the common good of their communities and act Reasonableness to the basic goods.
in accordance with their consciences.
guide us how to act in fulfilling the 7 basic goods
If each of these requirements of Practical
Reasonableness is followed then the result will influenced by Aquinas and is also Aquinas's
1) good is to be done and evil is to be avoided
be morality. basic principle of moral action
Joseph Koterski S.J. in particular says that there Some scholars have criticised Finnis's approach 2) in doing the good and avoiding evil one ought
it is this principle that gives Finnis and those
is no philosophy of human nature and therefore to Natural Law as it presumes that the basic to choose and will only those possibilities where actions that work against integral human
Weaknesses committed to global human rights, e.g. the most
Finnis is not true to Aquinas and so his theory is goods are self-evident and ignores any willing and action are compatible with 'integral fulfilment are basically wrong
rather a sort of 'Christian Kantianism'. idea of a common human nature. human fulfilment'
However, Finnis's approach does avoid Nine principles of practical reasonableness 3) one is to respect every basic value in every
charges of the naturalistic fallacy. act...tht is never choose against a basic act
However, Finnis's list of basic human goods, 4) show no arbitary preference among people
which he admits is simply his version, is a Evaluation
strong list because of its anthropological
5) foster the common good of one's community
6) form a rational plan of life
Finnis clearly states that Natural Law theory
His list does have a sense of universality, such
lays the groundwork for general moral rules to
as when he writes: 'All human societies show a
be formulated - this cannot, in fact, be 7) have no arbitrary preferences among any of
concern for the value of human life . . . and in
restrictive. Finnis's ideas, along with those of the basic goods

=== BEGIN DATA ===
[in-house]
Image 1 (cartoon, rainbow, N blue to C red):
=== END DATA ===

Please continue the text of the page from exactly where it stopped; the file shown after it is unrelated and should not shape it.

none is the killing of other human beings
Germain Grisez in the USA, have been
permitted without some fairly definite
influential in reviving the discussion of Natural
justifications' makes the point that Finnis' legal theory is
derivative of his moral theory
all rational agents set out to preserve or obtain
law enters into the picture as a way of effecting
things they perceive to be good for themselves
the realisation of the basic goods
however even the most rational actors can be
therefore on his theory of law Bix does not think
that he goes much beyond aquinas
we need to exercise practical reason (takes this
much legislation is merely procedural or clean
term from Aristotle) to obtain that good at any
up or trying to repair little gaps from previous
goods that are fundamental, underived from
Finnis will isolate what he calls 7 basic goods in negative do we need an overarching theory that will
other goods and irreducible to other things that one difficulty is whether the theory really reflects
life explain what we do here
are the motivation and goal of action the 'rough & tumble" of legislation or whether it
tries to "explain too much"
isn't the positivist approach to law, separating
he also has nine principles of practical
law and morality and seeing law in a much more
reasonableness that are what we might call critique Brian Bix instrumental way (i.e. the instrument to make
'methods of operation' rather than 'ends sought'
society function smoothly) a more satisfying
bix is unsure what that measn
people in the natural law tradition throw around bix reckons that it folds back to the basic goods
the word "moral" all the time but it is a "crutch word" used a lot to help the
natural law philosophers "walk" but not useful
for those who are seemingly "limb-intact"
yet he has set out the parameters for legal laws therefore should reflect the basic goods
scholars who want to apply his analysis to the and flow from the principles of practical
formulation of laws reasonableness
thus he can seemingly make common cause for Bix this remains the the most attractive
with people who are not theists today but want feature of NL - that the positivist separation of
to ground their leal theory in "eternal principles" law and morality (as Holmes talked about it) is
or 'basic principles' not intellectually or orally satisfying